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Museums Exhibits

Nothing about them is high-tech or flashy or new. They're just regular moms. But educators at the new California Science Center know that parents play a vital role in explaining the world to children, so they have hired a group of mothers to work part time in the museum, assisting young visitors as they explore the world of science. "They ask so many questions," said Martina Perez, a mother of three who works in the museum. "You have to really think before answering."
April 18, 2014 | By Rosemary McClure
Celebrate the life and loves of actor Charlie Chaplin at an exhibit that opened this week at the Catalina Island Museum, which is toasting the 125th birthday of the iconic silent screen star. Besides the exhibit , Chaplin, known for the lovable "little tramp" figure he often played, will also be honored during the museum's 27 th annual Silent Film Benefit on May 17, which will feature the actor starring in “City Lights,” considered a vintage film masterpiece. “City Lights,” which will be shown at Avalon's Casino building, will be accompanied by a 39-piece symphony orchestra led by Grammy award-winning conductor Richard Kaufman . Tickets cost $18 general admission, $15 for museum members, $9 for children or people wearing period dress.
November 4, 1989 | Clipboard researched by Kathie Bozanich, Elena Brunet and Dallas M. Jackson / Los Angeles Times, Graphics by Doris Shields / Los Angeles Times
Attendance at six county museums generally has trended upward during the last five years. The numbers below include all museum programs: exhibits, classes, workshops and tours. The numbers for Laguna Art Museum, Irvine Fine Arts Center and Discovery Museum of Orange County all represent fiscal years; the Newport Harbor Art Museum and Muckenthaler Cultural Center make their count by calendar year. The Discovery Museum of Orange County opened in 1985.
March 22, 2014 | By Susan King
A 1955 letter to Marlene Dietrich from Ernest Hemingway, which begins with the author referring to the legendary actress as "Dearest Kraut," one of Dietrich's blue and black double breasted tuxedos, a late 19th-century Swiss cylinder music box, several of the star's powder compacts and even a Kermit the Frog watch are among the rare items from Dietrich's estate being auctioned for the first time. The Hollywood Museum is exhibiting 250 of these items through April 6. The collection of personal and professional pieces are also available for bid online at "The Hollywood Museum is in the historic Max Factor building and is the perfect home for this exhibit since it is actually here where the legendary Max Factor originally designed Marlene Dietrich's glamorous and famous look," said Donelle Dadigan, president and founder of the museum in a statement.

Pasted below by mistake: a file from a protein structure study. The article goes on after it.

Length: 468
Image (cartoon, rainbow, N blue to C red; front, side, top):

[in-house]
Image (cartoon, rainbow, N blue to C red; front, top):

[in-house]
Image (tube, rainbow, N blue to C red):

July 29, 1997 | LESLIE EARNEST
The next in a series of ongoing art lectures will be Sunday at the Laguna Art Museum. Artist and critic Michael McManus, a former curator at the museum, will discuss "Exhibitions of the Laguna Art Museum" at 11 a.m. "He'll be talking about the exhibits we have and hope to have in the future," museum board member John Bing said. "It's a series we hope to run all year long." Lecture admission is $3. People who are not museum members must also pay $5 general admission.
July 7, 1992 | NONA YATES
Hundreds of thousands of people visit the beach each summer, but few venture out to the open sea to view the variety of life found there. The Cabrillo Marine Museum's newest permanent exhibit, "Open Ocean: The Vast Frontier," offers insight into this little-known realm.
November 5, 1990 | NONA YATES
Dinosaur fossils and other prehistoric reptiles are on display in the exhibit, "The Age of Reptiles," at the Natural History Museum of Los Angeles County. The recently opened exhibit illustrates thought about how the land, sea and air may have appeared when the world was ruled by the giant reptiles. Specimens on display include the skulls of a tyrannosaurus rex and a triceratops and skeletons of pterosaurs and a mosasaur, a giant marine lizard. Call (213) 744-3488.
August 31, 2009 | Tracy Wilkinson
California-based multimedia artist Mike Rogers was finishing his photographs for an exhibition in Mexico City when he got an urgent e-mail from the curator: The show had been called off. The capital's contemporary art museums were broke and shutting down. The message was exaggerated. Museums are not closing -- yet. But across Mexico City's eclectic art world, museum directors, curators, artists and performers are bracing for a round of recession-triggered budget cuts that could prove devastating.
September 13, 1987 | Sam Hall Kaplan
The announcement by the Museum of Contemporary Art that it is planning a major architecture exhibit exploring the legacy of the so-called Case Study Houses is exciting--and worrisome. Though the exhibit at the museum, and an accompanying off-site housing demonstration, is two years off, the ambitious effort raises issues quite pertinent to the drift today of architecture into the art world here and elsewhere.
October 21, 2007 | Susan Spano; Christopher Reynolds; Celeste Moure; Vani Rangachar
In China's Sichuan province, a complex of new, privately owned museums dedicated to the Cultural Revolution (1969-76), the War of Resistance against the Japanese (1937-45) and 20th century Chinese folk culture reflects increasing openness about the way recent history is viewed in China.
March 17, 2014 | By Carren Jao